my first harddrive was a used seagate st220 (20mb) for only 500 bucks.
@stacker: HA! My HD was 30mb! :-) BTW, I didn't have a PC but a PS computer, It was (still have it) good computer but I could buy hardware/peripherals only from IBM :/
Nick D
+24  A: 

Writing self modifying code !

This is one of those things that should never come back.
Mike DeSimone
Sure it breaks all today's coding practices, but that was a lot of fun.
It never went away.
Pete Kirkham
A large company I work for now has some production code that is self-modifying. It's in mainframe assembler, and the program is written in a clever way - it switches branches off/on at another areas of the program (such a branch is called "gate"). Reading it is kinda like playing Chaos Strikes Back (a PC RPG game famous for the teleports and changes that affect other part of the game).
Was anyone else forced to write self modifying code to get a common `Interrupt(int x)` function? Intel was nice enough to *only* put in `int imm8` for the interrupt instruction, so if you needed a dynamic interrupt number, it was pretty much forced upon you.
Still used for JIT compilation, dynamic recompilation, and malware.
+8  A: 

Fixing the partition table and FAT file system by hand using a simple hex editor.

Writing a small linux application in C from scratch to restore a damaged RAID set (3 of 4 disks had hardware errors when the server crashed).

+1 for Threading reel-tapes. Been there, done that. (Tandberg tape drive for Norsk Data servers)

Christian Vik
I used to modify FAT12 on floppy disks and create *magic* folders :-)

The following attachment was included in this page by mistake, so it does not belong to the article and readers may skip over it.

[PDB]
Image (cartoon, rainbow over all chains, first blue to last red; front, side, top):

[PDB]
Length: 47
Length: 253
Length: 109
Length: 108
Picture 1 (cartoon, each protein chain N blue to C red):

Nick D
+1 I remember now!
eh, I recently had to fix a partition using a hex editor cause windows 7 messed it up :-/
  1. Algorithm
  2. Edlin
Square Rig Master
+9  A: 

Classic BASIC (before QuickBasic), with line numbers and GOTOs and GOSUBs, but without any loops other than FOR loops (because you used IF and GOTO to implement WHILE loops). Allowed for the best spagetti in town.

You give QuickBasic too much credit. GW-Basic had WHILE loops, and there were 8-bit BASICs at the same time that even had proper named subroutines.
I remember doing basic on my Apple IIe. Always code in multiples of 10 in case you make a mistake.
Scott Chamberlain
scott: some versions of basic had a RENUM command as a remedy
@ammoQ: Yes, and unless you were really careful, there went your table of contents (this routine starts at line 1000, that one at 1400, etc.).
David Thornley
+41  A: 

Tweaking your config.sys & autoexec.bat files to squeeze every free byte you possibly could from your 640Kb, so a game would run.

Very similar to that scene in Apollo 13 where they are trying to cut as much as possible out of the normal startup process due to low power!

Spending all night changing the order drivers were loaded in conig.sys to get enough low memory for Autocad to run
Martin Beckett
Falcon 3.0 had brutal demands...
I managed to run Wing Commander 3 with just 4MB of RAM!
Frerich Raabe
I remember finding a smaller mouse driver from somewhere to free up 5 or 6 precious kilobytes.
And I remember having a keyb.sys-replacement which needed under 1k!
I remember this too. I actually got so good at it that I was **PISSED** when Win95 came out and "everyone" could just do as they pleased without needing to know how to config their memory. Origin games were the worst for needing this back then, too.
+2  A: